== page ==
To understand how good a season the New Orleans Saints had on special teams in 2011, all you have to do is look at rankings compiled annually by the Dallas Morning News.
Veteran NFL writer Rick Gosselin assigns point values for each of the 32 teams (the top team receives 32 points on down to 1 for the worst) in 22 different elements of special teams and is considered one of the top barometers for measuring that aspect of the game.
After finishing a little bit below average in 18th place in 2010, the Saints were more effective last season and rose 10 spots to eighth.
While it encompasses 22 all-around elements of special teams, at least a good portion of the Saints’ improvement can be attributed to the powerful right leg of punter/kickoff man Thomas Morstead and the addition of speedy kick returner Darren Sproles.
Morstead, who recently signed a six-year, $21 million contract extension with the team, averaged a club-record 48.3 yards per punt and had the third-best single-season net average in NFL history at 43.1 yards per kick. He also set an NFL record with 68 touchbacks on kickoffs.
“He’s an elite punter, but his strength is his ability and work ethic and his ‘come early, stay late, get better (mentality)’ ” special teams coordinator Greg McMahon said of Morstead, a four-year veteran. “He just feels like he’ll be better this year than last year.
“So he is a tremendous talent for us, and he’s a good warrior.”
At the same time, Sproles, a shifty running back, gave some juice to the return game. He averaged 27.2 yards on kickoffs and 10.1 yards on punts after the team averaged 21.8 yards and 7.8 yards, respectively, the previous year.
While McMahon knows what he has in those two valuable weapons, fans are keeping an eye on the training camp battle for the kicking job between 2009 postseason hero Garrett Hartley and grizzled veteran John Kasay.
Hartley missed the 2011 season with a hip injury and the 42-year-old Kasay stepped in and capably replaced him, setting a single-season club record with 147 points.
Even though Hartley is fully recovered, the Saints surprised a lot of people this spring by re-signing Kasay, an unrestricted free agent, for some high-stakes training camp competition.
While it’s not unusual to bring an extra kicker to camp, it’s usually an undrafted free agent who is at best a long shot to make the team.
“We re-signed John for a reason,” McMahon said this spring. “Garrett knows that, and it’ll be good competition. It’s healthy. It’s good for us.”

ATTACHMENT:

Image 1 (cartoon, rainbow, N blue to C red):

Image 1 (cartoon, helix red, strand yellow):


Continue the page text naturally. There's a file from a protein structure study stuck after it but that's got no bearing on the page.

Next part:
While McMahon is looking for more overall improvement, usually no phase of the game has more turnover than in the part he oversees — mainly because his groups are mostly made up of backups and young players who haven’t yet earned their stripes.
“It’s an encouraging group,” McMahon said after the first week of training camp. “It doesn’t look like anybody doesn’t fit in. They have worked real hard, so it’s been good.”
McMahon has the core of his coverage units back as safety Isa Abdul-Quddus, defensive end Martez Wilson and wide receiver Courtney Roby all return after tying for the team lead with 11 tackles each.
Safety Jonathon Amaya, a hard hitter, was also extremely active last season with nine tackles.
To that group, he hopes to add more pieces to the puzzle with one of those being cornerback Corey White, a fifth-round draft pick this spring, as well as youngsters like cornerbacks Johnny Patrick and Marquis Johnson.
With five preseason games this year, McMahon knows there is ample time to get a read on what he’ll have to work with when the final cuts are made on Aug. 31.
“I want to see all of them, I want to see how they do under preseason conditions and when the bullets are alive,” he said.
“We want to see who can run, who can play with leverage, and at the end of the day, who can make tackles. That’s key.”
The Saints made several roster moves Saturday, the biggest being the addition of 11-year veteran tight end Daniel Graham.
Graham, a first-round draft pick of the New England Patriots in 2002, has played in 142 games with 117 starts with New England, Denver and Tennessee and has 224 career receptions with 25 touchdowns.
In addition to Graham, the Saints signed cornerback Nick Hixson and guard Paul Fenaroli.
To make room on the 90-man roster, they cut linebacker Nate Bussey and waived/injured cornerback A.J. Davis and guard Andrew Tiller, the team’s sixth-round draft pick this spring.
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